Earlier this month, Melania Trump became the 45th FLOTUS or First Lady of the United States. Other firsts she can claim include being the first FLOTUS not to speak English as her first language, the first foreign-born FLOTUS since Louisa Adams (FLOTUS from 1825-1829) and the first FLOTUS in quite some time to delay her move to the White House.
That opening paragraph would have been 25 words longer if I hadn’t used FLOTUS, which partly explains why the word exists. FLOTUS is an abbreviation; the short form of a word, often used to save time, effort or space (particularly in writing). In general, an abbreviation can be formed from any of the letters in a word or phrase. With forms of address, for example, ‘Captain’ can be written as ‘Capt.’ and ‘Mister’ is almost always written as ‘Mr’. We usually pronounce an abbreviation in the same way we would the full form of the word, so /ˈkæptɪn/ and /ˈmɪstə(r)/, not /kæpt/ and /mɜːr/.
One particular type of abbreviation is the initialism. Instead of making a short form from any of the letters in a word or phrase, initialisms are formed from the first letters of other words. To pronounce them, we say each of the letters individually. You might see D.O.B. on official forms, RSVP on invitations or RIP on gravestones. These everyday initialisms are taken from English, French and Latin respectively and have become so much a part of the English language that their origins might well be forgotten.
Related to the initialism, FLOTUS is another type of abbreviation – an acronym. Like initialisms, acronyms are made from the first letters of longer names but unlike initialisms, they’re pronounced as words in their own right. Instead of saying each letter of FLOTUS individually, it’s pronounced to rhyme with lotus.
This makes FLOTUS easy to use in everyday speech. The word has spread from insider slang used by secret service agents to refer to Nancy Reagan (FLOTUS from 1981-1989) into much wider use in popular TV shows, news reports and general conversation as a way of referring to all subsequent First Ladies of the United States. There’s a mild irreverence to FLOTUS that means it’s used to talk about them rather than to them but it certainly isn’t an offensive slang term. In fact, it is now used by (former) First Ladies to refer to themselves, as can be seen in Hillary Clinton’s mini Twitter biography.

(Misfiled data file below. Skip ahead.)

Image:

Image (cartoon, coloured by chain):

The popularity of FLOTUS has continued to grow so much that the word is now enjoying its latest incarnation as an official Twitter handle, created for Michelle Obama (FLOTUS from 2009-2017 and @FLOTUS from 2013-2017). In fact, FLOTUS has become so well established online, in print and IRL that rather than altering the word itself in anyway, people have humorously speculated what the ‘L’ might be made to stand for if a female President of the United States is ever elected. When it looked like Hillary Clinton might become POTUS, one suggestion was that her husband – former President Bill Clinton – might become ‘First Laddie of the United States’.
Although First Laddie isn’t likely to catch on, other names or phrases created for existing acronyms – rather playfully known as backronyms – have fooled people over the years, along with many examples of folk etymology. As convincing as they might sound though, ADIDAS is not an acronym of all day I dream about sport, posh is not the short form of Port Out, Starboard Home and golf does not stand for gentlemen only, ladies forbidden. To enjoy accurate etymology, we’d recommend using the Word Origin section in OALD entries.
FLOTUS is not yet in the online version of Oxford Advanced Learner’s Dictionary but look out for it in a future update.
Danielle Gee is an Editor in OUP’s ELT Dictionaries department. Before joining OUP, she gained a BA in English and volunteered for VSO in PNG.